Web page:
If we already struggle with anxiety and depression, this mandated stay-at-home order can put anxiety into over-drive. I have a family member who absolutely cannot stand to be alone. It is making his anxiety so much worse. I know he is not alone. When the world is in crisis, we truly need each other and now we are told to stay six feet apart.
I took a walk yesterday and saw some people playing baseball in the otherwise empty middle school field. They were about 10 ft. apart passing the ball. I thought that was really a great idea. I have seen my neighbors out talking to each other and walking their dogs during the work week! (GASP!). There are ways to still be separate yet together and slow down the spread of this virus, without sacrificing our mental health in the process.
Certainly, if a pandemic had to occur, we are fortunate that we have all this technology at our fingertips. I think Zoom must be the place to meet now. My daughter had a youth cooking get-together on Zoom last night where they baked cookies and cakes together/apart. The schools have been able to continue thanks to on-line technology and all of us who are staying at home are able to remain entertained and connected through our devices. Of course, the down side is the 24/7 news coverage of Covid-19 and to anyone who has anxiety and depression or is sensitive (me), I would say, turn off the news.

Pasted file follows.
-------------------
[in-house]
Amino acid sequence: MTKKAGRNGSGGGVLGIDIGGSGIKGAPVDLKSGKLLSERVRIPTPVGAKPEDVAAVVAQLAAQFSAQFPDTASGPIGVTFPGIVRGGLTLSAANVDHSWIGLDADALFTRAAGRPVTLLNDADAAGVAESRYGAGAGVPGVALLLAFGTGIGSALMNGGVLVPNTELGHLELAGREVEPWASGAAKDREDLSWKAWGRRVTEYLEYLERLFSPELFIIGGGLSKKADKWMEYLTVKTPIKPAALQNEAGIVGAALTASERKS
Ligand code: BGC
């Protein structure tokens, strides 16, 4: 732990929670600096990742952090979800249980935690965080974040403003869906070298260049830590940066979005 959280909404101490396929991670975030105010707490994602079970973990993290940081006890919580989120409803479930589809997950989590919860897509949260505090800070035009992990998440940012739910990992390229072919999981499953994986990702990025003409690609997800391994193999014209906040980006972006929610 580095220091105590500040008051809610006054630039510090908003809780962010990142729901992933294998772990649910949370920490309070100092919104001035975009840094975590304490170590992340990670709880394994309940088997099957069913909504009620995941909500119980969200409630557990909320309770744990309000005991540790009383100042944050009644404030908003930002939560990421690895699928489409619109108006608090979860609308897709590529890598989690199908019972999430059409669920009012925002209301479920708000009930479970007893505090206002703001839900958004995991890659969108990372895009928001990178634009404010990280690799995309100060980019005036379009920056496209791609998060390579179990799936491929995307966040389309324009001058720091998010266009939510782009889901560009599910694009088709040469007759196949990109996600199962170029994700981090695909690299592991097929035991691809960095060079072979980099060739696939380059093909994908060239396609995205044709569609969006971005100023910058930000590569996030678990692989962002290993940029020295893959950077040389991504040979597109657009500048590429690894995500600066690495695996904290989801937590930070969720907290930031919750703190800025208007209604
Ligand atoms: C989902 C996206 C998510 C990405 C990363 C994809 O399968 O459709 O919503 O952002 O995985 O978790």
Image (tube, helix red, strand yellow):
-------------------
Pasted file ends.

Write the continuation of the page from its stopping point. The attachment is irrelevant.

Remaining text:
And let’s talk about Facebook, which I am lately referring to as Facecrack. Because I am a member of so many private groups, as well as an administrator to pages including the one you are likely reading this blog on, I can’t just delete Facebook. But I can tell you, I have seen some crazy stuff being posted on there. In addition, I have seen an increase in bullying and have been personally shamed by family members and adoption community members. (talk about triggers!). It’s a huge risk to put your adoption story out into the world for others to read and benefit and then when people slam you publicly, it can send you into a dark place.
|One of my favorite Indiana Adoptee Network conference photos|
What is personally triggering me lately on Facebook is all the judgment and scare stories. The constant updates of number of cases, how many deaths, which or course, is concerning to everybody, absolutely, but do we need constant-in-our-face-horror? That is how it feels to many of us sensitive types. I just don’t engage with it at all. I am home doing my part, doing self-care, other-care, and having the news or scrolling through Facebook, steals my peace. And I’ve just decided I’m done engaging with it.
I will post another blog tomorrow (Part II) as a summary of the #Adoptionhappyhour talk and discussion that is occurring via Indiana Adoptee Network this evening with a summary, along with tips and ideas for staying calm and sain during these chaotic times. In the meantime, can I encourage you to reach out to somebody by PHONE CALL? I didn’t say text or direct message . . . HEAR THEIR VOICE or Facetime them. SEE THEIR FACE. I’ve been doing that this week and it’s been just what I needed to feel connected.
Peace and safety to you all . . . . .